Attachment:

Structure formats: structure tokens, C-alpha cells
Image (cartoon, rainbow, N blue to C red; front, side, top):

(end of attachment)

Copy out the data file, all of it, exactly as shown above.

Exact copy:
Structure formats: structure tokens, C-alpha cells
Image (cartoon, rainbow, N blue to C red; front, side, top):